Tuesday
Feb052019

Chantilly’s Private Princely Apartments Reopening

There are many things that make the Domaine de Chantilly unique (and, in my opinion, much more interesting to visit than Versailles). Its last resident was Henri d’Orléans, Duke d'Aumale, and son of the last King of France, Louis-Philippe. His family’s princely apartments, the only remaining examples from the Monarchie de Juillet in France, will be reopened this month after several years of careful renovations.

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Monday
Feb042019

Inexpensive Houseplants by Plantes Pour Tous

If the title of this article has you wondering what the big deal is, move along, this isn't for you. For the rest of us -- plant addicts (or repeat offender houseplant murderers) who can't seem to go a week without bringing home a new green leafy friend -- Plantes Pour Tous just might be the best thing to hit Paris since the Métro extended its weekend hours. 

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Friday
Feb012019

Free Noctural Entrance to the Louvre Every 1st Saturday

The Louvre Museum is already open evenings until 9:45pm every Wednesday and Friday, but now it's also open every first Saturday of the month FOR FREE from 6pm-9:45pm. 

Meant to entice the locals to visit the museum again (or for the first time), the main two wings Denon and Sully are open to freely visit on your own, while the Richelieu wing is open for guided visits only (in French), which can be reserved on the Louvre's FB page a week before the first Saturday. These extra activities include live music, flashlight tours, storytelling, and games.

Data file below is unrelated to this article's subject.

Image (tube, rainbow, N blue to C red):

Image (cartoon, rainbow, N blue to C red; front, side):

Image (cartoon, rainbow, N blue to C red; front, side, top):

Tip: As the Louvre Museum broke every possible record for attendance in 2018 (over 10 million visitors!), save yourself a headache by purchasing your ticket in advance or using the "Affluences" app to see in real-time how long the lines are at the three main entrances. There will always be lines for security, even when there's free entrance, but in general Wednesday and Friday evenings from 7pm-9pm are usually the least crowded.

Saturday
Jan052019

Recycling in Paris Just Got Easier

Now that most Parisians are used to dropping off their Christmas trees at at the city's 174 recycling points since the Mairie de Paris (City Hall) introduced the practice in 2016, this year they're making it even easier to recycle everyday items in Paris!

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Thursday
Jan032019

Cut Down on Packaging: New Paris Shop to Buy Cleaning and Beauty Products in Bulk

I know a lot of people are trying to cut down on packaging, but it hasn't been easy to buy in bulk using your own containers in Paris. But now the Italian chain Negozio Leggero (Italian for “Shop Light”) has finally opened a location in Paris’s 3rd arrondissement near République.

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Tuesday
Jan012019

Parisians: Recycle Your Christmas Tree

Don't leave your Christmas tree on the curb for the landfill when you can drop it off in one of 174 collection points around Paris (mostly in parks and green spaces) to be recycled into mulch. 

http://www.paris.fr/recyclonsnossapins

Each year the City of Paris accepts trees for recycling from December 26-January 26th. They should be:

- without a plastic bag (take it out and throw out the bag once you drop it off)

- without any decorations, flocking or tinsel (and if you're still doing that to your tree you probably don't give a sh** about the planet anyway)

- cut or rooted, both are accepted as long as they're real trees and not plastic trees

Most of the collection points are open 24/7, just check the website for the one closest to you. 

NOTE: This article is an updated version of the same from 2016.